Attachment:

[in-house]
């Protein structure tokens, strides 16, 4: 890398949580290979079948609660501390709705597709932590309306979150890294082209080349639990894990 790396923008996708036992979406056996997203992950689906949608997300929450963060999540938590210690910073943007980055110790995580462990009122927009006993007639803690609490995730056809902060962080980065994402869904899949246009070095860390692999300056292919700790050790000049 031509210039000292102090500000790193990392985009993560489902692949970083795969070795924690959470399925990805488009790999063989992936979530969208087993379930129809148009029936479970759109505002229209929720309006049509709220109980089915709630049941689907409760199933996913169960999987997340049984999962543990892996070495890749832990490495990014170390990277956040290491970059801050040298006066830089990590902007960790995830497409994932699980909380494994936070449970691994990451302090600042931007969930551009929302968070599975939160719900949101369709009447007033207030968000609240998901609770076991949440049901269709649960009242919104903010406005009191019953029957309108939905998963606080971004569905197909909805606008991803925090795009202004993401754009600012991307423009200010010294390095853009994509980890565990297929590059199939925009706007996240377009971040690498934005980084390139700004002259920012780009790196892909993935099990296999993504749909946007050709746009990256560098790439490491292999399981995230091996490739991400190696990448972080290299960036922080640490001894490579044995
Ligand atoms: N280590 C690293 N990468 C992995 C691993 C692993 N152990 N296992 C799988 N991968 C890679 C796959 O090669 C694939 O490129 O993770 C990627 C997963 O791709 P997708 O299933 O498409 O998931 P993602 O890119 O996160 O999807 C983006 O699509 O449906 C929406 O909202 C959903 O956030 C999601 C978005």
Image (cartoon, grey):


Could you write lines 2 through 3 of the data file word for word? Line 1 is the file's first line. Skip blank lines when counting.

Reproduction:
């Protein structure tokens, strides 16, 4: 890398949580290979079948609660501390709705597709932590309306979150890294082209080349639990894990 790396923008996708036992979406056996997203992950689906949608997300929450963060999540938590210690910073943007980055110790995580462990009122927009006993007639803690609490995730056809902060962080980065994402869904899949246009070095860390692999300056292919700790050790000049 031509210039000292102090500000790193990392985009993560489902692949970083795969070795924690959470399925990805488009790999063989992936979530969208087993379930129809148009029936479970759109505002229209929720309006049509709220109980089915709630049941689907409760199933996913169960999987997340049984999962543990892996070495890749832990490495990014170390990277956040290491970059801050040298006066830089990590902007960790995830497409994932699980909380494994936070449970691994990451302090600042931007969930551009929302968070599975939160719900949101369709009447007033207030968000609240998901609770076991949440049901269709649960009242919104903010406005009191019953029957309108939905998963606080971004569905197909909805606008991803925090795009202004993401754009600012991307423009200010010294390095853009994509980890565990297929590059199939925009706007996240377009971040690498934005980084390139700004002259920012780009790196892909993935099990296999993504749909946007050709746009990256560098790439490491292999399981995230091996490739991400190696990448972080290299960036922080640490001894490579044995
Ligand atoms: N280590 C690293 N990468 C992995 C691993 C692993 N152990 N296992 C799988 N991968 C890679 C796959 O090669 C694939 O490129 O993770 C990627 C997963 O791709 P997708 O299933 O498409 O998931 P993602 O890119 O996160 O999807 C983006 O699509 O449906 C929406 O909202 C959903 O956030 C999601 C978005």